Caerphilly County Borough Council is facing calls to lower its proposed 3.9% council tax increase.
On Wednesday (February 17), the council’s cabinet agreed its new budget plans, which included council tax increases, with no funding cuts to services.
What is Caerphilly County Borough Council’s cabinet?
A council’s cabinet is made up of councillors in charge of different policy areas – such as education, environment, local economy, etc – and a leader.
It is separate to the council’s corporate management structure, which is headed up by its chief executive and various directors. Cabinet is made up of councillors, who are elected and have the ultimate say.
Typically, cabinet members are councillors from the party with the most elected council members.
Caerphilly County Borough Council’s cabinet is made up of:
- Cllr Philippa Marsden (Ynysddu) – Leader
- Cllr Sean Morgan (Nelson) – Deputy leader / Economy and enterprise
- Cllr Colin Gordon (Pontllanfraith) – Corporate services
- Cllr Eluned Stenner (New Tredegar) – Finance, performance and customer services
- Cllr Ross Whiting (Risca West) – Learning and achievement
- Cllr Shayne Cook (Morgan Jones) – Social care
- Cllr John Ridgewell (Ynysddu) – Environment and infrastructure
- Cllr Lisa Phipps (Bedwas, Trethomas, Machen) – Housing and property
- Cllr Nigel George (Risca East) – Waste and public protection
Corporate management is made up of unelected employees of the council and has responsibility for day-to-day management of services, such as making sure the bins are collected. Corporate directors work with cabinet members to come up with policy which is then agreed upon by the cabinet.
The proposed increase in council tax means an extra 89p per week on a band D property, or 59p on a band A house.
The increase in council tax would contribute £3 million to a £14.1m budget shortfall, with previously approved cuts making up £2m and the Welsh Government settlement the remaining £9m.
But Llanbradach councillor Colin Mann, who leads the council’s Plaid Cymru group, has called for the increase to be reduced to 2.4%.
Cllr Mann said: “We’re in the middle of a terrible pandemic and many people are really struggling to make ends meet and put food on the table. Yet, the Labour council thinks the right thing to do is hike the council tax by almost 4%.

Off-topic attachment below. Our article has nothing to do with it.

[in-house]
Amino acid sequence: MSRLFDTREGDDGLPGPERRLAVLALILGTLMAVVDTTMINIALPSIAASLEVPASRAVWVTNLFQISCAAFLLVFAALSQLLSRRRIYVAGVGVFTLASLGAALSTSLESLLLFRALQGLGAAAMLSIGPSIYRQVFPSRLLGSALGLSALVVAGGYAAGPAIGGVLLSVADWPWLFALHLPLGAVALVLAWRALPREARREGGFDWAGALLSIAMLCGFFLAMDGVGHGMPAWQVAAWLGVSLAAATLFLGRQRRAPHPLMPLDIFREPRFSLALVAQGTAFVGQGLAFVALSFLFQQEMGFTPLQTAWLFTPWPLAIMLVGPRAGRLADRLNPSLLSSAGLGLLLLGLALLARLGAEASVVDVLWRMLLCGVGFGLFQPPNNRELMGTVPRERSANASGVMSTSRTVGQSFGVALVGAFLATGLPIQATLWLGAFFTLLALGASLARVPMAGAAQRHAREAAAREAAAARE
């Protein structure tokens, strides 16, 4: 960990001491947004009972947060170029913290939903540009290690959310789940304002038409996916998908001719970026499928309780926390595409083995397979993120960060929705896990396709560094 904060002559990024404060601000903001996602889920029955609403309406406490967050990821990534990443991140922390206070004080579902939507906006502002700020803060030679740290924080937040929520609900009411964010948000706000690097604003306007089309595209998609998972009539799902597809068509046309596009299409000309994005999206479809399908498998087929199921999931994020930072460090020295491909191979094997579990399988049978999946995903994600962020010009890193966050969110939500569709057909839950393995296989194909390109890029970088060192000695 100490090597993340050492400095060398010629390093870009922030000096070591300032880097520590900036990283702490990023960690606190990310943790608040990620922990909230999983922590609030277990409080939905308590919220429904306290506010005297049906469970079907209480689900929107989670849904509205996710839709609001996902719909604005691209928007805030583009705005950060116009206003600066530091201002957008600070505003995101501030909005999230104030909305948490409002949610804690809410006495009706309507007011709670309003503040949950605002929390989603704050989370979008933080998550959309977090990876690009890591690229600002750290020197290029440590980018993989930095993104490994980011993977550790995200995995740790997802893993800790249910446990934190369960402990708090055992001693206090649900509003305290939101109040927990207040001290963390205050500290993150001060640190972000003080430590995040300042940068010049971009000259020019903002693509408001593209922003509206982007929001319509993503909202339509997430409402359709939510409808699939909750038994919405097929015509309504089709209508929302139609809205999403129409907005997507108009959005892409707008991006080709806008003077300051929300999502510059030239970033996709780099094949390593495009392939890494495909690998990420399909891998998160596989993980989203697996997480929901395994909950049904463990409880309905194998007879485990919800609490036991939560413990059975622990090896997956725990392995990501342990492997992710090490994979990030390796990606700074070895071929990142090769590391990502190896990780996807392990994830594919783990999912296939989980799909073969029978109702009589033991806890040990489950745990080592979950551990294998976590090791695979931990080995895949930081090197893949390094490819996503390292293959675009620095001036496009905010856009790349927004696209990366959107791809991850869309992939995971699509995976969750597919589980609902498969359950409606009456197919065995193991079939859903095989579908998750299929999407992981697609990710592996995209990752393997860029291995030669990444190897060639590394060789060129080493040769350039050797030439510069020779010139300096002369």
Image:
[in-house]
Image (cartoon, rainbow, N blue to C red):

“Earlier this week the Bevan Foundation reported that the pandemic was deepening existing inequality in Wales with nearly a quarter of Welsh homes seeing their income fall due to a mixture of redundancies and furlough pay.
“Why would a Labour council want to heap a greater burden on the residents of Caerphilly County?”
He suggested funds of around £850,000 could be found to reduce the council tax increase without impacting frontline services, but accused the Labour group of wanting to “impose further pain on local residents”.
Plaid Cymru councillor Teresa Parry, who represents Hengoed, said: “The impact of the coronavirus pandemic has been devastating to family incomes and the last thing they want to see is a huge hike in the council tax of nearly 4%.”
Meanwhile, independent councillor Kevin Etheridge also called for the council tax rise to be lowered and suggested money from reserves should be used.
He said: “We believe it should be far lower. We’ve got people losing their jobs, insolvencies and foodbank use.
“We think it’s totally inappropriate and totally unjustified.”
Cllr Eluned Stenner, cabinet member for finance, told a cabinet meeting on Wednesday that Caerphilly has the second lowest band D council tax rate in Wales.
But Cllr Stenner said she was “fully aware” of the concerns raised by residents about the proposed increase, who she said were ‘struggling’ with job losses, furlough and family finances.
“I realise that this increase will be a real concern for many families in the borough,” she said.
“However I would urge those families to contact the authority and seek the help that is out there.”
Council leader Cllr Philippa Marsden welcomed the news there would be no new cuts.
“It’s the first budget of many years that has no cuts,” she said.
“I can’t emphasise that enough because we have been plagued with cuts year on year.”
Additional reporting by the Local Democracy Reporting Service
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